But if a student doesn’t even start an activity, there is no chance of personal ownership. What if the student has no interest in owning any activity?
Many would view this as a sad state. It doesn’t address how well this student is doing from an academic perspective, but it is sad as the student isn’t as fully actualized outside of the classroom. And I would argue that the wealth of his experiences may not be as developed. From the college application perspective, the student may view their only option is to fabricate or embellish some activities OR be genuine and acknowledge that there is little or nothing to describe. If the fabrication sounds too good to be true, it will likely hurt the student’s chances of acceptance. Similarly, without any activities, the student is statistically less likely to be accepted.
As you step through the above scenarios, you might view the benefits of being involved in activities.
An analogy that one of my peers shared when discussing the relationship that students have with activities was that of cars:
A student can either be in the car as a driver, a passenger or not be in the car at all.
The Driver is active, involved, and comfortable in the driver’s seat and is the first to see the path ahead and plans to get to their destination.
The Passenger is passive, letting someone else get involved. They will have to depend on the driver to get them to the destination and may not even have a say into where or what the destination is, never mind the route taken to get there. The hope is that by watching the driver, they may be able to take over the driving responsibilities in the future.
But the one that never gets in the car cannot travel anywhere.
If you have a student that is already a “driver,” you might want to leave what is working alone.
For the student that has been uber active with a certain extracurricular, but is becoming less engaged over time, this is a warning sign. They already know how to be active, the question is whether their intense involvement with one activity is best for them as they grow and evolve. Would they be better off using their valuable time for something else? At the very least, it is worth a conversation.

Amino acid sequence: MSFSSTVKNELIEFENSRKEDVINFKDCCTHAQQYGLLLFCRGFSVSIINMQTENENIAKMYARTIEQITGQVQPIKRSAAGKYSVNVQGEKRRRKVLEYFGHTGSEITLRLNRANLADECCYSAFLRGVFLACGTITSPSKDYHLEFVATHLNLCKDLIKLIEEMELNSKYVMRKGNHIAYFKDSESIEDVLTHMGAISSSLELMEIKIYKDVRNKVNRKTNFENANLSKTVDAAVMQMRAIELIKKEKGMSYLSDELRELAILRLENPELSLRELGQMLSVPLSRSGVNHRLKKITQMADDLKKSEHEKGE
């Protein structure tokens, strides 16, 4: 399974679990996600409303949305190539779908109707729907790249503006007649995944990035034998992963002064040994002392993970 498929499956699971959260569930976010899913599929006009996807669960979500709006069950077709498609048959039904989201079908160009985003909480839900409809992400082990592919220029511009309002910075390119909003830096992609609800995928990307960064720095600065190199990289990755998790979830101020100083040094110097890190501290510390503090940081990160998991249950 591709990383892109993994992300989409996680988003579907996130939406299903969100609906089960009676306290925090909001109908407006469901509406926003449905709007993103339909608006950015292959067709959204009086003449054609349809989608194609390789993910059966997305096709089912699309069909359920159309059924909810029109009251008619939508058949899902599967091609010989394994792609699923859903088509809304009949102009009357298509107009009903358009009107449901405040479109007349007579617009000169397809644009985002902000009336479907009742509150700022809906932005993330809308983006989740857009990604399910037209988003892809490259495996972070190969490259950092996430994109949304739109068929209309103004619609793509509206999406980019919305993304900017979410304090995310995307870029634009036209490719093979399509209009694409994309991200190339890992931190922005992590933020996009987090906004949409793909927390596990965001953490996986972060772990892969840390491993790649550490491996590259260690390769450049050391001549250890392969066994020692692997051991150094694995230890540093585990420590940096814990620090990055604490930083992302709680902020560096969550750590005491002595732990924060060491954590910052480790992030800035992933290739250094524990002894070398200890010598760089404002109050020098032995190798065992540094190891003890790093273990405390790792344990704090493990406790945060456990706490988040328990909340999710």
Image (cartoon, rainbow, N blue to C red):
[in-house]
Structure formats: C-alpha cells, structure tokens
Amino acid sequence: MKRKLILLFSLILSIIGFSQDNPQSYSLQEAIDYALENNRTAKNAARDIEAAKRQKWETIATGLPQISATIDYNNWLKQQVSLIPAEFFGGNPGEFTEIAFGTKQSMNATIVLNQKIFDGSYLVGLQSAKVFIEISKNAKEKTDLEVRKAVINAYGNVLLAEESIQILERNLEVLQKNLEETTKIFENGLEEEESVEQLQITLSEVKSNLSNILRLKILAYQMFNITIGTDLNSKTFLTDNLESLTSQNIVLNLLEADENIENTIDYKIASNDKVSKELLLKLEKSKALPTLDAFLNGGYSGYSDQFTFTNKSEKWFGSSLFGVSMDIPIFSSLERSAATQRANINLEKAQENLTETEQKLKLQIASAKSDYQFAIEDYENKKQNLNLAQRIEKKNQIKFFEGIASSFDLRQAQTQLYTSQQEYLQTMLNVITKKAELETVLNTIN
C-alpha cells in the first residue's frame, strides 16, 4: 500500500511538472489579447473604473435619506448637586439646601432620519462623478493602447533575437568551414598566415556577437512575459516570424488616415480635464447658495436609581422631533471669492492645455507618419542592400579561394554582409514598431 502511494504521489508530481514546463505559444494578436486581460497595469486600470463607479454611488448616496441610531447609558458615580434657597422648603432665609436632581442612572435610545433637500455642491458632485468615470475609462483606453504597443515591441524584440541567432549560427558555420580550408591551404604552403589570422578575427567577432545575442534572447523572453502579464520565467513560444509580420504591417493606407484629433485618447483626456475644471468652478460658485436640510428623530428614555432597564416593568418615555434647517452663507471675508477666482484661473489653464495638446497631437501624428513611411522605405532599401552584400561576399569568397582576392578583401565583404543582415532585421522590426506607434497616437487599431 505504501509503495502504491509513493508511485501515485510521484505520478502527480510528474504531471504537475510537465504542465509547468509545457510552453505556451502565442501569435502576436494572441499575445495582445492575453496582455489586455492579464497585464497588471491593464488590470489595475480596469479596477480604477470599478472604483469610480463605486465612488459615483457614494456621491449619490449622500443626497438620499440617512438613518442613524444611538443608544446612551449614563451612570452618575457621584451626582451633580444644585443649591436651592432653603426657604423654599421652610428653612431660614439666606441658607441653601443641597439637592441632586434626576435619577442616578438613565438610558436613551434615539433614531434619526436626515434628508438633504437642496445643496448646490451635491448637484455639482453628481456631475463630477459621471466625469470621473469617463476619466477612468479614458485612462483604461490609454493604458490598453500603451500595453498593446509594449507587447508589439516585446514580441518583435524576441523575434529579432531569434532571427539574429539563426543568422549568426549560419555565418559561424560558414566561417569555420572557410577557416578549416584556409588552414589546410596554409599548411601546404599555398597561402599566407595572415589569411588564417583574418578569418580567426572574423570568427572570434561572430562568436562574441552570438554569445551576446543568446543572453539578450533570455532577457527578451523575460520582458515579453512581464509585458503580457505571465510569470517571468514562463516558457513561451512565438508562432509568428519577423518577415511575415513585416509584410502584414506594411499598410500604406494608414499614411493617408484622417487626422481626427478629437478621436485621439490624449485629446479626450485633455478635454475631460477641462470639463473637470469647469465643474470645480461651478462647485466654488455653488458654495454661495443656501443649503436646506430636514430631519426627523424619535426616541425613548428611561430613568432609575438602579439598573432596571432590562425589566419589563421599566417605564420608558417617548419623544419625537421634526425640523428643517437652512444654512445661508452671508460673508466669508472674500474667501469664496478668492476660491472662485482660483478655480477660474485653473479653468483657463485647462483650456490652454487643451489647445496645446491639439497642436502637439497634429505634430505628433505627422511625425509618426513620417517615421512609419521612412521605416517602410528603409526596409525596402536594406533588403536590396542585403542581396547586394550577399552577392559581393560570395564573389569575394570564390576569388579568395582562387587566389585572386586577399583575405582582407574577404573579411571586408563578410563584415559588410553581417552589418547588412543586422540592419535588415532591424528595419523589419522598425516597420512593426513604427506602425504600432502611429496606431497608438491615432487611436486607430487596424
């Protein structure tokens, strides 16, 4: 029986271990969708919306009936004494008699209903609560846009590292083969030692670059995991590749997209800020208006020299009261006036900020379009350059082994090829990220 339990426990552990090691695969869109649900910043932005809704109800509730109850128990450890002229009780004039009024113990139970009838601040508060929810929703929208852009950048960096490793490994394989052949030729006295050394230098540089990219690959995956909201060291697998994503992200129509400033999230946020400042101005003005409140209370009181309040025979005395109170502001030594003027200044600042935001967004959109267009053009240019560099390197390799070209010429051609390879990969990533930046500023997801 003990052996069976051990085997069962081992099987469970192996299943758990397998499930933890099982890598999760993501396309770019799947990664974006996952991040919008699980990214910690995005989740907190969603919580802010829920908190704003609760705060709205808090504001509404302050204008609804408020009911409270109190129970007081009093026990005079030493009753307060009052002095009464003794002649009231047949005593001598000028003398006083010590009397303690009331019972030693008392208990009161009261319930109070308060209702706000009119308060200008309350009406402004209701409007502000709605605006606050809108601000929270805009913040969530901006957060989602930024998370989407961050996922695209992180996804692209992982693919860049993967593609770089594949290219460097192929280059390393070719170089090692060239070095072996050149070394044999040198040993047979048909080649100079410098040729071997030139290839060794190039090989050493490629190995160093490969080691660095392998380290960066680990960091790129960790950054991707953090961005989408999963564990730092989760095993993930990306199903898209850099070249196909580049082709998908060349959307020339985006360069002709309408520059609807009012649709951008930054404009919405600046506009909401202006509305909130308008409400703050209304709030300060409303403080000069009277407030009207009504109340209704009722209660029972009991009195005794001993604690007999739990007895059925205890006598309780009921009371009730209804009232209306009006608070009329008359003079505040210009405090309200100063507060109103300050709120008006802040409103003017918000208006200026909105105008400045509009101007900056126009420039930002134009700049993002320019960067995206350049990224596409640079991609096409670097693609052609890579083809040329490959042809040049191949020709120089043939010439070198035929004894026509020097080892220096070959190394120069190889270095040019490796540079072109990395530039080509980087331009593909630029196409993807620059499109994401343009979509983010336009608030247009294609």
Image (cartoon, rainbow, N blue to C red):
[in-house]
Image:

The most concerning is the student that never starts. He or she may have a variety of great reasons to not take on any extracurricular activities. Often students offer up that they didn’t sign up at the start of the school year, and can’t start now. For athletics this might be more true than other activities, but for the great majority of other activities, it is more of an excuse. Try to walk back the excuses that are offered and probe for the real reason for non-engagement. Are they just afraid? Is there someone involved in the organization that they don’t get along with? Try to get to the core of what is stopping them and attempt to discuss that. There is no script to follow. Sometimes a little “nudge” might be enough. The key is to describe how this involvement will benefit them.
Extracurricular activities, when balanced and fitting to a student’s interests can be life changing. Often it is a way to develop their skills, personalities, and confidence.
So, when you see a student that is fully, partially or not engaged, I hope you will see the impact of each of these as a choice. The goal is to assess what they are doing and continue to explore possible activities outside of their safe zone.